The rap on research for the arts, museums, and informal sciences
“It only takes a second to fill out,” the x-ray technician told me cheerfully after an MRI I had yesterday. He was explaining that I would soon receive a survey in the mail asking about the service he provided, and he mimed checking off the boxes: “You just go down the list, five, five, five, five…”
Five, as you may have guessed, is the top satisfaction score.
Now, this was a community hospital affiliated with the University of Chicago Medical Center (which is a client of ours). But it’s an example of how all kinds of educational and cultural nonprofits could be thinking about the relationship between customer feedback, staff performance, and the bottom line.
At first it rubbed me the wrong way. My colleagues and I pride ourselves on being rigorous researchers, and we’ve criticized (here and here) survey processes that are less than scientific and objective. The whole point of social and market research is to get a true picture of how people think, feel, and act. You’re not allowed to coach them to give you high marks; you’re not supposed to influence them in any way.
But there was something else going on here, and it made me look more deeply at the role this kind of satisfaction research plays.
My tech’s name was Leo, which he wrote on the card he gave me so I would be sure to put it on the survey. Unprompted by any questions from me, he explained that the survey was a big part of the culture at the hospital. “We strive for five” is a staff mantra. At weekly meetings in each department, workers who received good survey ratings or comments are recognized. This presumably factors into their promotion and salary trajectories.
He even told me that the insurance companies link their reimbursement amounts to those patient satisfaction scores. I don’t know whether this is true or how much of the hospital’s revenue might be at stake in the formula. But what’s important is that Leo and his colleagues see the financial performance of the institution as dependent on the quality of the experiences it provides to individuals like me. ...
This is a big shift. Instead of helpless patient (“Take a seat”) or even customer or guest (“Can I help you?”), we become the institution’s clients (“What do you need? Are you happy?”). (Those of you in the museum biz may recognize these categories as a paraphrase of Zahava Doering and Andrew Pekarik’s influential 1999 article for the Smithsonian, “Strangers, Guests or Clients? Visitor Experiences in Museums.”)
That’s accountability. And come to think of it, I’ve seen that hospital become much friendlier and more professional in the last few years. (My 11-year-old daughters were born there, so I have some history with the place.)
And isn’t accountability the whole point of doing these post-experience evaluations? At a theater or symphony performance, they might take the form of surveys in the program book or e-mailed to subscribers. At a museum, they might be exit surveys of visitors as they leave an exhibition or education program. At schools and universities, it’s those ubiquitous course evaluation forms. Underlying much of the research work my firm does is the idea that we can raise the quality of the “customer’s” experience by first asking her about it and then responding to her feedback with various kinds of improvements, implemented over time.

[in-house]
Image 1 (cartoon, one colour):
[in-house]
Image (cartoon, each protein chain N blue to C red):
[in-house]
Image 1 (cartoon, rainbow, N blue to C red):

But what if that’s the long way around? My “five”-happy, friendly hospital suggests that the evaluation process itself can have a direct, immediate impact on the experience provided, even before any consumer feedback is recorded, because it makes front-line staff conscious of the importance of pleasing customers — I mean, clients — and accountable both individually and collectively to the fulfillment of that goal.
Sure, you lose some of the scientific validity of the evaluation itself, since the system rewards the kind of “coaching” my tech tried with me. But who cares, as long as that system puts the consumer (think museum visitor, concertgoer, grad student, etc.) in a more central, respected position in the institution.
Imagine how differently your visits to large art and natural history museums, or your dealings with the ushers and coat check clerks and bartenders at concert halls, might feel if all those staff members and volunteers had to jot their first name on a little card for you and tell you to expect a survey about them.
I understand that a concert hall isn’t a hospital, and that this would be impractical in a hundred ways. And I wouldn’t want to put programming decisions to the same kind of test (although, unlike some of you, I don’t want the artistic and educational side totally protected from audience research).
But as cultural and educational nonprofits continue to struggle for audience loyalty and diversity in a rapidly changing society, it’s worth thinking about the relationship between evaluation, accountability, and money.
It’s the money, of course, that makes the fundamental difference. Imagine if, like my hospital, arts organizations and museums saw their revenues vary with their patrons’ satisfaction ratings. But who would play a role equivalent to those insurers? The obvious parallel is the foundations. Most already insist that an evaluation be built into the projects they fund, although those studies don’t typically emphasize visitor or audience satisfaction with the service they receive. It would be relatively easy to add such a focus and make the final grant amount contingent on demonstrating that the institution is, among other things, making its audiences happy. As easy as five, five, five...
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